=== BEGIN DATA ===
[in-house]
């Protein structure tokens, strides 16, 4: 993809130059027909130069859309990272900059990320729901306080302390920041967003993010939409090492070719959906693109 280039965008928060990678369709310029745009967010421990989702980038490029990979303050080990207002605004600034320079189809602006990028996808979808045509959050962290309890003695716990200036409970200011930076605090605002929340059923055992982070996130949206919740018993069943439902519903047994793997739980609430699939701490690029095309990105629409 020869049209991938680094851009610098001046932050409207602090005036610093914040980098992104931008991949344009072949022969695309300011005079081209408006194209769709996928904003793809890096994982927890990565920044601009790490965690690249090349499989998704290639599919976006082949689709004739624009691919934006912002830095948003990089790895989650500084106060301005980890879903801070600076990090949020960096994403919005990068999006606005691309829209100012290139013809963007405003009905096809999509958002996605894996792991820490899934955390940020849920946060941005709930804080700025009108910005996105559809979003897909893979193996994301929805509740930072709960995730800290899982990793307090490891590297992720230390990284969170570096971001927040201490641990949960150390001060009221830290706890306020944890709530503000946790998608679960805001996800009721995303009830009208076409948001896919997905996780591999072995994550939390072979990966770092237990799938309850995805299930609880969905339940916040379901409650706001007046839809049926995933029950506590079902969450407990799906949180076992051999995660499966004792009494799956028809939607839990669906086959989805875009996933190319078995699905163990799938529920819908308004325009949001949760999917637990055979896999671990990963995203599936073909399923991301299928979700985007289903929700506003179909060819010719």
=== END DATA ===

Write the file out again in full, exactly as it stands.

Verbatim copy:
[in-house]
């Protein structure tokens, strides 16, 4: 993809130059027909130069859309990272900059990320729901306080302390920041967003993010939409090492070719959906693109 280039965008928060990678369709310029745009967010421990989702980038490029990979303050080990207002605004600034320079189809602006990028996808979808045509959050962290309890003695716990200036409970200011930076605090605002929340059923055992982070996130949206919740018993069943439902519903047994793997739980609430699939701490690029095309990105629409 020869049209991938680094851009610098001046932050409207602090005036610093914040980098992104931008991949344009072949022969695309300011005079081209408006194209769709996928904003793809890096994982927890990565920044601009790490965690690249090349499989998704290639599919976006082949689709004739624009691919934006912002830095948003990089790895989650500084106060301005980890879903801070600076990090949020960096994403919005990068999006606005691309829209100012290139013809963007405003009905096809999509958002996605894996792991820490899934955390940020849920946060941005709930804080700025009108910005996105559809979003897909893979193996994301929805509740930072709960995730800290899982990793307090490891590297992720230390990284969170570096971001927040201490641990949960150390001060009221830290706890306020944890709530503000946790998608679960805001996800009721995303009830009208076409948001896919997905996780591999072995994550939390072979990966770092237990799938309850995805299930609880969905339940916040379901409650706001007046839809049926995933029950506590079902969450407990799906949180076992051999995660499966004792009494799956028809939607839990669906086959989805875009996933190319078995699905163990799938529920819908308004325009949001949760999917637990055979896999671990990963995203599936073909399923991301299928979700985007289903929700506003179909060819010719």